Are handshake agreements binding?
As a general rule, the law does not require most agreements to be reduced to writing to be enforceable. A verbal contract or a handshake deal may be just as enforceable as a written contract. Verbal or handshake agreements are subject to the same contract principles that apply to written contracts.
There are several important exceptions to this rule, however. Many states have adopted a statute of frauds that requires certain types of contracts to be in writing in order to be enforceable. In most states, the written contract must include the signature of the person sought to be bound by the contract. While the specifics may vary from state to state, most statutes of frauds require the following types of contracts to be in writing:
- A promise to pay the debt of another person,
- Any contract that involves the sale, disposition or transfer of real estate, including leases, and
- Any agreement that cannot be performed within one year.
Again, contract law varies from state to state. To determine whether a given verbal contract or handshake deal can be enforced, you should consult a lawyer who is familiar with the contract law of the state in which you live.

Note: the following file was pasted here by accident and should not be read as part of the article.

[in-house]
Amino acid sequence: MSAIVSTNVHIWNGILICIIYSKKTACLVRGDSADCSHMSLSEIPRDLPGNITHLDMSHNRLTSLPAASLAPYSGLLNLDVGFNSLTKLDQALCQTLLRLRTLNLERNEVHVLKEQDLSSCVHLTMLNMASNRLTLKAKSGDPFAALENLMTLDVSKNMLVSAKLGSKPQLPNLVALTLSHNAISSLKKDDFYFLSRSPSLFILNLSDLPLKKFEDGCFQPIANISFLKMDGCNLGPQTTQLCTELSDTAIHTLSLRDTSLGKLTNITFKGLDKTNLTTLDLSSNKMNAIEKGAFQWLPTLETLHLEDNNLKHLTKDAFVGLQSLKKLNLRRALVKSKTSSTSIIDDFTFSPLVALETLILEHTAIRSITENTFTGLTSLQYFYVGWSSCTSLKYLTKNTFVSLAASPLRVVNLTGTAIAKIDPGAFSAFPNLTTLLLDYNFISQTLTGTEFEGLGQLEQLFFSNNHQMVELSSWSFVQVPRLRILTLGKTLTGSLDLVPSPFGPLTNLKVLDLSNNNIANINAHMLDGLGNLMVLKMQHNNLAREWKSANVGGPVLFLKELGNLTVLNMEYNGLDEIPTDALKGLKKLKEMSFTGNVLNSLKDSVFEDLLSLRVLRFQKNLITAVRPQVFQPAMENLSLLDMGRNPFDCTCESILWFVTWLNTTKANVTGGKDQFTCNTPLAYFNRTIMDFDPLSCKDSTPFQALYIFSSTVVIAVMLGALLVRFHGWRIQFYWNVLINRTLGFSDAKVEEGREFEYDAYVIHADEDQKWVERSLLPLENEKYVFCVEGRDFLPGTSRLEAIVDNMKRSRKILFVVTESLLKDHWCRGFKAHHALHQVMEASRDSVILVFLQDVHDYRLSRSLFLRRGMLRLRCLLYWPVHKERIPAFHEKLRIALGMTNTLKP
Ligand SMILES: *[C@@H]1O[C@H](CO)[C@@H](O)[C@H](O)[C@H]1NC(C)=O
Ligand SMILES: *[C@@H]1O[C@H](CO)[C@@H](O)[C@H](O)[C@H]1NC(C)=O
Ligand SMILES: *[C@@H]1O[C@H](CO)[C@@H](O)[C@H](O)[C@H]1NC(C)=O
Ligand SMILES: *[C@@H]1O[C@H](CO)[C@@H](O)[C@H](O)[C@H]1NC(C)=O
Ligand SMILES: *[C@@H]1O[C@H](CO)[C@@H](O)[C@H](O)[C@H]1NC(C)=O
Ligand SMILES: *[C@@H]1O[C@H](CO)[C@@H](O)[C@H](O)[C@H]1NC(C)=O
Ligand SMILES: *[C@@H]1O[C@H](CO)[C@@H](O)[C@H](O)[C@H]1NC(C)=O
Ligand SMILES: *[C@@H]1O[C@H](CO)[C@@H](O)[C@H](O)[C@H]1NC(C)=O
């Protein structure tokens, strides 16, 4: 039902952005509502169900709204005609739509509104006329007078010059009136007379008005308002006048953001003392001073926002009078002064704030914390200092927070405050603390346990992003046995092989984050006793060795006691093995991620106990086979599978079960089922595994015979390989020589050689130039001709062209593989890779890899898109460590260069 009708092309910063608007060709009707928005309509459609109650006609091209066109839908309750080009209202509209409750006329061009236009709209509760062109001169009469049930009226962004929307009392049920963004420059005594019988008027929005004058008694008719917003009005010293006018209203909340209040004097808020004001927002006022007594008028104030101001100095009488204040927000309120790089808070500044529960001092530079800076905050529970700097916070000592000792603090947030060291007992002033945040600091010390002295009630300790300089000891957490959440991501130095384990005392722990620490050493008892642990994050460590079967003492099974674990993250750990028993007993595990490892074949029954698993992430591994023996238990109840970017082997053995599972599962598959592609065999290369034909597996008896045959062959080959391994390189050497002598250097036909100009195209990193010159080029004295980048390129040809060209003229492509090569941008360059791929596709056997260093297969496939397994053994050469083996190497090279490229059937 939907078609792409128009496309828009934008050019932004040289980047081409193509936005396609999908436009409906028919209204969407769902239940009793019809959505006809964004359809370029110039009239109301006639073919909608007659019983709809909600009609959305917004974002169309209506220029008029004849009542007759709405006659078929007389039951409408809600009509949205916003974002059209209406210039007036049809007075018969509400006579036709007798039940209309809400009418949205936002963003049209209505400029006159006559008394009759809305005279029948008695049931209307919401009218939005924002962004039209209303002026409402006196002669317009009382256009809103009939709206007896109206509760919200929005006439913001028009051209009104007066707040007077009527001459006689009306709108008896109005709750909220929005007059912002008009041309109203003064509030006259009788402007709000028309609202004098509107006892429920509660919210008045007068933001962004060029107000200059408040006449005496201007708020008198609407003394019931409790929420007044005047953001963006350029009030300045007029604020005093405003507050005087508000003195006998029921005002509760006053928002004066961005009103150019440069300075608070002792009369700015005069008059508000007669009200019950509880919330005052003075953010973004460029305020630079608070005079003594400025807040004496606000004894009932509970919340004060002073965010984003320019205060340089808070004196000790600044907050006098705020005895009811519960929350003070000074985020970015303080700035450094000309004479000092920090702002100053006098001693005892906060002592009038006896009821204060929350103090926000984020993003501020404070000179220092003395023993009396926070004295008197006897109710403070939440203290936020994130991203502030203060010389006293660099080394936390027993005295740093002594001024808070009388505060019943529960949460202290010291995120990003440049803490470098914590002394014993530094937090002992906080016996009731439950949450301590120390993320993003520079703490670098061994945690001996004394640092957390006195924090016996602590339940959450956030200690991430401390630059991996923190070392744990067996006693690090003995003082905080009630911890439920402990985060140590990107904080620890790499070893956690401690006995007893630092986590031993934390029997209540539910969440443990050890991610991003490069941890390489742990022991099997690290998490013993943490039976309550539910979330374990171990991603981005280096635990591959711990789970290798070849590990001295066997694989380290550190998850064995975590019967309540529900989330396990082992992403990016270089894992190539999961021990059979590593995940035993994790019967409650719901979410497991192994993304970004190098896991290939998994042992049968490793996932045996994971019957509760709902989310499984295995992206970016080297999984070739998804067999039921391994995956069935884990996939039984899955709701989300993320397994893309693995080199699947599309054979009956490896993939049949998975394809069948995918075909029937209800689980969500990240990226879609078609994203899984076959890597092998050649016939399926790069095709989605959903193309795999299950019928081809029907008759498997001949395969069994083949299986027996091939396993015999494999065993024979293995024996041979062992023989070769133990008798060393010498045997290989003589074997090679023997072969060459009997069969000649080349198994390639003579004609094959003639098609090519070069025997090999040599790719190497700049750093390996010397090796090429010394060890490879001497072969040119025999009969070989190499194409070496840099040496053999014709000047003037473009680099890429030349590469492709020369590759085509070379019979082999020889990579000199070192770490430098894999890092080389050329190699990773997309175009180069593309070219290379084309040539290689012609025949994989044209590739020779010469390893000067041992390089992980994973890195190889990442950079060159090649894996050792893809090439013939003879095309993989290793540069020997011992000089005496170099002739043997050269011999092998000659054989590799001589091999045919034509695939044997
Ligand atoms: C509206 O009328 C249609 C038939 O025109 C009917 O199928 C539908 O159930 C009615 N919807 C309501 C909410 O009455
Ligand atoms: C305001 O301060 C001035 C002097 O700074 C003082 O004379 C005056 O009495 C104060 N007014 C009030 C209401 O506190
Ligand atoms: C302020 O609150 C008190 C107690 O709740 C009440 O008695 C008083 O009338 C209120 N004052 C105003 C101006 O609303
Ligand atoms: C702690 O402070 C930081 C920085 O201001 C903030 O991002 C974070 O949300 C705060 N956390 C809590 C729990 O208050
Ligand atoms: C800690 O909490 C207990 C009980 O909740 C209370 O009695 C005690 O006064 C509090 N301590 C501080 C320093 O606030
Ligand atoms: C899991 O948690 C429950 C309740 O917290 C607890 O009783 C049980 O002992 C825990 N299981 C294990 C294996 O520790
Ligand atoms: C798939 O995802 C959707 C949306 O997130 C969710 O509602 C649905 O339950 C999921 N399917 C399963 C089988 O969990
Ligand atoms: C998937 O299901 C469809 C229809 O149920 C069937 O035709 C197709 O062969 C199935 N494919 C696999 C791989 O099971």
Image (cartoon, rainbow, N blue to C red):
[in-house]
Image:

Finally, while verbal contracts and handshake deals may be enforceable, lawyers do not normally advise their clients to do business this way. Written contracts are usually far better because they provide the parties with certainty as to the exact terms of the agreement. More importantly, written contracts help prevent dishonest or unscrupulous parties from later claiming the terms were different.
Please Note: Rabin Kammerer Johnson provides these FAQs for informational purposes only, and you should not interpret this information as legal advice. If you want advice as to how the law might apply to the specific facts and circumstances of your case, please contact one of our attorneys.